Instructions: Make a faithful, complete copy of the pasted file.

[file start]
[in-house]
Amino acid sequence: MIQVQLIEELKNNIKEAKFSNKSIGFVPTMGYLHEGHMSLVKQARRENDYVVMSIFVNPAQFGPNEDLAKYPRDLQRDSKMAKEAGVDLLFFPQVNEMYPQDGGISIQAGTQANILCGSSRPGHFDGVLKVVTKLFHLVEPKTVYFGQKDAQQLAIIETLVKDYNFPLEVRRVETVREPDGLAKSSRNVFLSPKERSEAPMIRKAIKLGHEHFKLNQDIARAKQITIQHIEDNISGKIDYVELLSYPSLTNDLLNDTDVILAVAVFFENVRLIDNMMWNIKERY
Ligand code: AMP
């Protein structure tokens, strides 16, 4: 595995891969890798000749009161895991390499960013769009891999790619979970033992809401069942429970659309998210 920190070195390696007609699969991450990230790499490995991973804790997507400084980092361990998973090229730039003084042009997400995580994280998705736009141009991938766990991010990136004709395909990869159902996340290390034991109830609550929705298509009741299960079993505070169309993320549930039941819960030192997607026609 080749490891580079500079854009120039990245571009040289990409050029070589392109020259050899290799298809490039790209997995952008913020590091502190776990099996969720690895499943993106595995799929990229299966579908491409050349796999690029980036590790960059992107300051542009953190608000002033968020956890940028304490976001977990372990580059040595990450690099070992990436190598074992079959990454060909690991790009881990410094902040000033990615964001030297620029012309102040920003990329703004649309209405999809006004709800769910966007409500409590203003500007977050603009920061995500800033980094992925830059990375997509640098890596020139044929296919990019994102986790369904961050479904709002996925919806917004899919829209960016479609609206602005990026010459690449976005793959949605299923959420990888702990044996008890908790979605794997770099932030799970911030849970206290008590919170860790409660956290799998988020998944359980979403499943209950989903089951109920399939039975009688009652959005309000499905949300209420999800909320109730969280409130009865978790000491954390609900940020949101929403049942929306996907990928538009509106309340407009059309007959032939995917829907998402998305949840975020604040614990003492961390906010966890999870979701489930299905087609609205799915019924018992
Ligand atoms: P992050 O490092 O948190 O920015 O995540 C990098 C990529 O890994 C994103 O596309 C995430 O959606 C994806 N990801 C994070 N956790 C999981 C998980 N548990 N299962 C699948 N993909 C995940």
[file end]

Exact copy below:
[in-house]
Amino acid sequence: MIQVQLIEELKNNIKEAKFSNKSIGFVPTMGYLHEGHMSLVKQARRENDYVVMSIFVNPAQFGPNEDLAKYPRDLQRDSKMAKEAGVDLLFFPQVNEMYPQDGGISIQAGTQANILCGSSRPGHFDGVLKVVTKLFHLVEPKTVYFGQKDAQQLAIIETLVKDYNFPLEVRRVETVREPDGLAKSSRNVFLSPKERSEAPMIRKAIKLGHEHFKLNQDIARAKQITIQHIEDNISGKIDYVELLSYPSLTNDLLNDTDVILAVAVFFENVRLIDNMMWNIKERY
Ligand code: AMP
């Protein structure tokens, strides 16, 4: 595995891969890798000749009161895991390499960013769009891999790619979970033992809401069942429970659309998210 920190070195390696007609699969991450990230790499490995991973804790997507400084980092361990998973090229730039003084042009997400995580994280998705736009141009991938766990991010990136004709395909990869159902996340290390034991109830609550929705298509009741299960079993505070169309993320549930039941819960030192997607026609 080749490891580079500079854009120039990245571009040289990409050029070589392109020259050899290799298809490039790209997995952008913020590091502190776990099996969720690895499943993106595995799929990229299966579908491409050349796999690029980036590790960059992107300051542009953190608000002033968020956890940028304490976001977990372990580059040595990450690099070992990436190598074992079959990454060909690991790009881990410094902040000033990615964001030297620029012309102040920003990329703004649309209405999809006004709800769910966007409500409590203003500007977050603009920061995500800033980094992925830059990375997509640098890596020139044929296919990019994102986790369904961050479904709002996925919806917004899919829209960016479609609206602005990026010459690449976005793959949605299923959420990888702990044996008890908790979605794997770099932030799970911030849970206290008590919170860790409660956290799998988020998944359980979403499943209950989903089951109920399939039975009688009652959005309000499905949300209420999800909320109730969280409130009865978790000491954390609900940020949101929403049942929306996907990928538009509106309340407009059309007959032939995917829907998402998305949840975020604040614990003492961390906010966890999870979701489930299905087609609205799915019924018992
Ligand atoms: P992050 O490092 O948190 O920015 O995540 C990098 C990529 O890994 C994103 O596309 C995430 O959606 C994806 N990801 C994070 N956790 C999981 C998980 N548990 N299962 C699948 N993909 C995940």